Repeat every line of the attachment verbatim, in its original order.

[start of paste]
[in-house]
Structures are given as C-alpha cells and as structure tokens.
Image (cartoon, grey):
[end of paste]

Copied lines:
[in-house]
Structures are given as C-alpha cells and as structure tokens.
Image (cartoon, grey):